LOS ANGELES - Which Fred Willard do you know?
There's his inanely clueless dog show announcer Buck Laughlin in "Best in Show," Christopher Guest's 2000 mockumentary on the dog show world. It was Buck who famously said in bit of color commentary: "And to think that in some countries these dogs are eaten."
Some still remember Willard best as the dimwitted second banana Jerry Hubbard to Martin Mull's smarmy talk show host Barth Gimble on the 1977-78 TV show parodies "Fernwood 2Night" and later "America 2-Night." Or today's audiences who know him for his Emmy-nominated role as Ty Burrell's jokester dad on ABC's "Modern Family," or as the religious conservative father-in-law on CBS' "Everybody Loves Raymond" from 2003 to 2005.
"It's so hard to analyze comedy," said comedian Colin Mochrie, who appears with Willard in the new ABC improv comedy series "Trust Us With Your Life," which premiered last Tuesday. "I think part of Fred's success is that he's incredibly likable, so you are immediately put into a state where you are not on-guard. And then he can say horrible things to people, but it's done with such a sense of obliviousness. He is never hurtful. It's that sort of offhandedness, that sort of underplaying that makes him so funny. That's the genius of Fred."
Director Rob Reiner got to know Willard on "The Smothers Brothers" in the 1960s - Reiner was a writer, Willard performed with then-comedy partner Vic Greco. Reiner used Willard in his classic 1984 send-up, "This Is Spinal Tap." Now he's cast him again for the small but showy role of the genial mayor of a small resort town in the comedy-drama "The Magic of Belle Isle," now playing in select theaters.
"He always works because he delivers," says Reiner. "You can count on him to give you these little gifts."
The subject of all this admiration lives with his wife, Mary, in Encino, Calif., in a ranch-style house that is very much Midwest-Colonial with a shot of Vermont country store. The 72-year-old Willard greets his visitor with an open-faced friendliness - he's funny, but isn't on. The Fourth of July is coming up and the American flag is flying outside the house and inside, there are red, white and blue streamers and decorations for their annual holiday party complete with fireworks.
For nearly 50 years, Willard has been one of the busiest comedic actors in the business, appearing in dozens of movies, including Guest's other comedies "Waiting for Guffman," "A Mighty Wind" and "For Your Consideration," as well as "The Wedding Planner" and "Harold & Kumar Go to White Castle" and such TV series as "Castle," "The Closer," "Roseanne" and "Real People."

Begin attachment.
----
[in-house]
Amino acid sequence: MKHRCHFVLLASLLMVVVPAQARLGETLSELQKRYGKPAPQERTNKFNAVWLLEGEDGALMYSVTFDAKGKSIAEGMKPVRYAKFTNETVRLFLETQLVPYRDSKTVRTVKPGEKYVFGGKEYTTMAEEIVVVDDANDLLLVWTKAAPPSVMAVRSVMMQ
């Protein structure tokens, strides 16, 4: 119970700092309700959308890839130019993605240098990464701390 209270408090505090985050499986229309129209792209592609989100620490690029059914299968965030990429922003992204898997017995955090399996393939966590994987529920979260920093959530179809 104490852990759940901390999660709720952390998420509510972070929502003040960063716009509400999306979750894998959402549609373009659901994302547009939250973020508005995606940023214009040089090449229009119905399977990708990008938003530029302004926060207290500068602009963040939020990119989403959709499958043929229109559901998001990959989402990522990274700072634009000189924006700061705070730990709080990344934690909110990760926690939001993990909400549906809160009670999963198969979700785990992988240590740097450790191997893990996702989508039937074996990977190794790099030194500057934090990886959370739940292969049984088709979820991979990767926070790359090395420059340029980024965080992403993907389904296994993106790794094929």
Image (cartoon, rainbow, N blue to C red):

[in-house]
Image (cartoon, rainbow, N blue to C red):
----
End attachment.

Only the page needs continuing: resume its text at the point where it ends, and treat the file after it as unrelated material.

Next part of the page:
Improvisation is also something that came naturally to Willard. "You just get out there on stage, say your first line and see what happens," Willard said. "I found when I was at Second City doing it every night, it came so easily."
But Willard doesn't think he is up to the standards of the other improv comics on "Trust Us With Your Life." The series features Willard interviewing such celebrities as Serena Williams and Ricky Gervais about key moments in their lives. At certain points during the interview, Willard invites the improv comics to re-create that key moment.
"After working with Wayne Brady, Colin Mochrie and Jonathan Mangum, I said I am never going to talk about improv again," said Willard.
"Trust Us With Your Life" isn't the only new series Willard has this summer. He also supplies the narration for PBS' "Market Warriors," which began Monday. The series, from the producers of "Antiques Road-show," follows four treasure seekers. Phil Rosenthal, the creator and executive producer of "Everybody Loves Ray-mond," said Willard "can be breathtakingly funny seemingly without moving a muscle. It is effortless."
But Rosenthal admitted it was difficult to persuade Willard to do the part on "Raymond." "He said, 'I don't know if I can be funny doing this.' I said, 'Just say the lines straight.' He would be hysterical."
Even seven years after the end of "Raymond," Willard still doesn't like the character.
"He is such a stiff," said Willard. "I thought he was a bit of an exaggeration. But I met someone at a party who was from Mississippi and said, 'We have known so many people just like you!'"